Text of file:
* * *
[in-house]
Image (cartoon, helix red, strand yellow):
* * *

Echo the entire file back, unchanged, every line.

[in-house]
Image (cartoon, helix red, strand yellow):